The Impact of McCoy Tyner
“To me,” he told Nat Hentoff in a remarkable interview, “living and music are all the same thing. And I keep finding out more about music as I learn more about myself, my environment, about all kinds of different things in life.
“I play what I live. Therefore, just as I can’t predict what kinds of experiences I’m going to have, I can’t predict the directions in which my music will go. I just want to write and play my instrument as I feel.”
The resounding echoes of grief were heard all over Twitter, Facebook, websites, and more over the weekend as the Jazz world tried to come to grips with the death of the teacher.
The great bassist Stanley Clark Tweeted: “A truly great one has passed. I cannot begin to tell you the depth of this great ones influence in music. Every jazz pianist has a bit of McCoy within their heart. He was the last member of the transformational, supernatural group The John Coltrane Quartet of John Coltrane, McCoy Tyner, Jimmy Garrison, Elvin Jones. Every time I’ve ever played or recorded with McCoy it was like receiving the greatest healing medicine you could ever want.”
Clark Gayton posted on Facebook: “One of the highlights of my life was going on the road with the McCoy Tyner Big Band in 1990. The lineup was ridiculous. I learned so much about music and the generations before me. Too much to get into on a post. But there was this time I lost my bags in Italy. Everything. We had a show that night, and I didn't have anything to wear. I got a call from John Stubblefield right after sound check... "You can wear a pair of my shoes tonight, man". 10 minutes later, McCoy calls my room." I heard about your situation. Come by my room. I may have something for you." I stopped by his room, and he presented me with one of his very expensive suits. "You can use this until you locate your bags, don't worry about it." I ended up wearing his suit for a week, until my bags were found somewhere. Two things, neither the shoes nor the suit fit me at all. I looked ridiculous, to put it simply. But I couldn't have been prouder! I really felt like I was one of the cats wearing that outfit. Somehow, I can't imagine that happening today. They literally gave me the clothes off their back to help me. The stories were hilarious and plenty for those 8 weeks in Europe. The band became a living being on the road. A beast. We plowed through Europe like a wild bull, and it changed my life. Thank you, McCoy. Love you much, and safe passage.”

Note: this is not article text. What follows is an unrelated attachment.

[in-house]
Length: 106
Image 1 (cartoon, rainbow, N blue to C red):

I got to see McCoy Tyner with saxman Joe Lovano in Portland in February of 2009. I had came down with a 101º temperature but I went to the show anyway. I had gotten my tickets long before and was not going to miss seeing him—my first and only time. For the 2-hour show, I forgot about what ailed me. I still have the concert poster in the office upstairs.